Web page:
Wildfire Risk Reduction

Wildfire is a serious concern for all the residents of the Gulf Islands, human and non-human alike. And while wildfires are a vital part of our ecosystems, recycling nutrients and rejuvenating landscapes, they cannot be allowed in populated areas. This fire suppression has led to a build-up of dead woody material and other wildfire fuels.

Coast Alive Services approaches this problem from a stewardship perspective: not only does wildfire risk reduction protect us, it is another task that is necessary to complete for the health and vitality of our surrounding landscape for which we are responsible.

To reduce the risk, a land owner should be concerned with wildfire ignition, spread and intensity. A comprehensive plan needs to include the removal and consolidation or disposal of fuels, active forest management, and planting and protection of fire-resistant native species.

When combined with other stewardship activities, wildfire risk reduction can have a positive ecological effect, sequestering carbon, nutrients and water, increasing the amount of sunlight that reaches the forest floor, and creating a more beautiful and complex landscape.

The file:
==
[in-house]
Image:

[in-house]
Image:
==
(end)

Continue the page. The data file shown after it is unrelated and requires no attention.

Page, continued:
This private land on Salt Spring had a large amount of small dead and dying fir trees, with a high ignition risk due to its proximity to trails. Wildfire fuels were consolidated to create this dense pile, with larger pieces on top. In the fall maple trees will be planted around the pile. In the span of a few years this pile will become rotted, holding moisture on the landscape and providing habitat for fungus, insects and small mammals.

Christopher Drake, MSc (Ecology) – Owner/operator

Cell (call or text): 250-221-1342

Email: drake@coastaliveservices

Address: 144 Graham Drive, Salt Spring Island, BC V8K 1J5

Website last updated: May 2022

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